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Community Art Quilt: a Celebration of Collaboration

Photo by Lisa Carolin. The community art quilt on display at the Chelsea District Library that was unveiled Saturday in honor of Trihn Pifer.

By Lisa Carolin

A celebration of collaboration took place Saturday, Nov. 19, when a Community Art Quilt was unveiled at the Chelsea District Library in honor of Trihn Pifer, the former executive director of the Chelsea Senior Center, who died in 2021.

More than 100 quilt squares were sewn by people of all ages from around the Chelsea community and donated to the C.A.A.D.Y. Corner Quilters, who meet at the Chelsea Senior Center, and Matt Jensen, the library’s technology specialist.

The 10-by-9 foot quilt now hangs on the wall by the library’s staircase and includes the names of all the contributors as well as a photo of Pifer, whose dedication to the Chelsea community inspired the idea. Her husband Dan Pifer attended the unveiling of the quilt along with Charlotte Wyche, a member of the C.A.A.D.Y. Corner Quilters who with the help of Lori Coryell, director of the library, helped to make the quilt a reality.

“Trinh had a gift of bringing people together,” said Coryell. “We were fortunate to have a committed partnership with the C.A.A.D.Y. Corner Quilters, and the entire library staff really embraced this idea.”

Wyche, who calls Pifer a “spirited, wonderful soul,” said the response from the public was enthusiastic right from the start.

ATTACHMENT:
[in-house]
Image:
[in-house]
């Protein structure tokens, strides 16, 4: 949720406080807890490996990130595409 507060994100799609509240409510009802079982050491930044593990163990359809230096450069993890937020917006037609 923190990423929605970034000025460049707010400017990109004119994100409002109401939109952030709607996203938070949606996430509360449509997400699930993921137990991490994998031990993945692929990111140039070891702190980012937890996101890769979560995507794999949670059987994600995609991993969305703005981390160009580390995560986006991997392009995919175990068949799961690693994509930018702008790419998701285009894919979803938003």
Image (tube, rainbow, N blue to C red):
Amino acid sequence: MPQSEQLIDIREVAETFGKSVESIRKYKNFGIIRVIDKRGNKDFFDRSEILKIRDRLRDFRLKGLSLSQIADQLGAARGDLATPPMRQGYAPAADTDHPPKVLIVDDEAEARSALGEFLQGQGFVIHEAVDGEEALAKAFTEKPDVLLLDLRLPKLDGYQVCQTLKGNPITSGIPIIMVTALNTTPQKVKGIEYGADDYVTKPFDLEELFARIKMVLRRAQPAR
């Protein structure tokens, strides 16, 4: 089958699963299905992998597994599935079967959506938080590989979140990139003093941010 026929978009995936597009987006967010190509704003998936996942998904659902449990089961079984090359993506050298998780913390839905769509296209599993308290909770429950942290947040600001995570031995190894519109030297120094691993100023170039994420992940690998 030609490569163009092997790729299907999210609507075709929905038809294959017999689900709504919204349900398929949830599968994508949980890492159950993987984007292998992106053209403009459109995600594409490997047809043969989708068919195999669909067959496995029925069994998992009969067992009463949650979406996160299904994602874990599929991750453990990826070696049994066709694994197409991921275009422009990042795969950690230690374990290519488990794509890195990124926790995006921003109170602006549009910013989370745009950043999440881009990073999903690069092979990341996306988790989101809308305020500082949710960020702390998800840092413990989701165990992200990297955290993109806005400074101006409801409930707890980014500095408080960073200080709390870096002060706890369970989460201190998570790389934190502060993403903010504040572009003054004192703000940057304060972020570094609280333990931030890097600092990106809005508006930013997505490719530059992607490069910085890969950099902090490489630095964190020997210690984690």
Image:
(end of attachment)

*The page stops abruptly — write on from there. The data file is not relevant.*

“After some finished squares started coming in, playing with layouts and planning with C.A.A.D.Y, Corner Quilter members on Tuesdays at the Senior Center helped clarify that we would place the blocks ‘on point’ rather than simply as squares in a line,” said Wyche. “I then made a schematic of the layout plan we decided on as a guide to assemble the blocks in sections as they came in.

Wyche and Coryell knew the quilt would hang in the library stairwell.

“The library is a gathering place in our community,” said Coryell. “In an era where many feel division and isolation, a public library is a safe and welcoming place for all. From kids who find a space to hang out after school, to seniors who gather around the fireplace upstairs, to the young adult working on a degree or a career change, to our volunteers getting books ready for the Friends Used Book Sale, anyone can find a home at the library. The quilt, with its array of colors, and range of participants who helped create it, is a perfect visual demonstration of this value.”

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